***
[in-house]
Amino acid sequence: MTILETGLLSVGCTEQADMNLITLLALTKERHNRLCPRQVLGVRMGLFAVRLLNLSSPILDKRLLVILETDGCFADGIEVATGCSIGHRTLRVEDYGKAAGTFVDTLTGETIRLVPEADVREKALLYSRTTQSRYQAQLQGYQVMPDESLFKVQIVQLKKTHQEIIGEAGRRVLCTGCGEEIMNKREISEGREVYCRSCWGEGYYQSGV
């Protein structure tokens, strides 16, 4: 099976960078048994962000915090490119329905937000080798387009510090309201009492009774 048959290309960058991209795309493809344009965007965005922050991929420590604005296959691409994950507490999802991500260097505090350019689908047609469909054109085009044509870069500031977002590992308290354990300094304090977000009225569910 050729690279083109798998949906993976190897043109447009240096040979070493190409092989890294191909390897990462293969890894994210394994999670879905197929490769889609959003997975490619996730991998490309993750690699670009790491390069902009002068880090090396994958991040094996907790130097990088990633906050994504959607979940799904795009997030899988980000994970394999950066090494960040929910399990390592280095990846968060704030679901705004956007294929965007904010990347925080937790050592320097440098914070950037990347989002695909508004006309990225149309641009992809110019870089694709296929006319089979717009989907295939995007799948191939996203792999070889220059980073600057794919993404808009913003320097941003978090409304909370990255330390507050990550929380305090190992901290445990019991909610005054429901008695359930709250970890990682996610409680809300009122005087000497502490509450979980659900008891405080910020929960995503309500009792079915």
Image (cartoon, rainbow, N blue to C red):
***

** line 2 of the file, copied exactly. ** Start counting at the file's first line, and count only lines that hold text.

Amino acid sequence: MTILETGLLSVGCTEQADMNLITLLALTKERHNRLCPRQVLGVRMGLFAVRLLNLSSPILDKRLLVILETDGCFADGIEVATGCSIGHRTLRVEDYGKAAGTFVDTLTGETIRLVPEADVREKALLYSRTTQSRYQAQLQGYQVMPDESLFKVQIVQLKKTHQEIIGEAGRRVLCTGCGEEIMNKREISEGREVYCRSCWGEGYYQSGV